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Lead Poisoning Prevention Week Runs Oct. 22 Through 28
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Lead poisoning affects all living creatures—children in particular. According to the Centers for Disease Control, about 3.3 million U.S. households with children under the age of 6 have hidden lead exposure hazards. These hazards can be found both inside and outside the home and include deteriorated paint, water, and dirt, to name just a few. A “safe” blood lead level has not been established—there is growing evidence that lower levels of lead in blood may affect a child’s IQ, ability to pay attention, and academic achievement.

“Lead poisoning is one of the most preventable environmental exposures,” said Cyrus Rangan, MD, a pediatrician and medical toxicologist with California Poison Control System. “It can cause a variety of medical problems, including learning disabilities, growth problems, and behavioral issues.”

Lead Poisoning Prevention Week is being observed Oct. 22 through Oct. 28 across the state.

Here are just a few important facts about lead poisoning:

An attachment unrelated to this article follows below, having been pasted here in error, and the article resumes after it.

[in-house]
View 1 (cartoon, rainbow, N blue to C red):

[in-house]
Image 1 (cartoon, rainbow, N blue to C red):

Children are most commonly exposed to lead by ingesting paint chips or paint dust and by eating dirt that is contaminated with lead;

Loose, dry soil may lead to an increased risk of lead exposure in children who play outside in the dirt, especially on hot, dry days;

Common sources of lead in drinking water are lead pipes, faucets, and fixtures—and can affect adults as well as children;

Rangan suggests that the best ways to prevent lead poisoning in children start with good supervision, watching what they put into their mouths, making sure they wash their hands frequently, and providing a diet with appropriate amounts of iron and calcium. Children who are undernourished may absorb more lead into their bodies than children with well-balanced diets. For more information, visit

Call Poison Control at 1-800-222-1222 (number is the same in all states) for questions about poison encounters. Trained pharmacists, nurses and other providers are available to help 24 hours a day, seven days a week. The service is free, confidential and interpreters are available. Get weekly tips about safety by texting TIPS to 20121 for English or texting PUNTOS to 20121 for Spanish. Follow CPCS on Facebook and on Twitter @poisoninfo. CPCS is part of the University of California San Francisco School of Pharmacy and is responsible to the California Emergency Medical Services Authority.